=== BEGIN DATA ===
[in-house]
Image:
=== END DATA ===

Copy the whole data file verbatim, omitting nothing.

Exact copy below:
[in-house]
Image: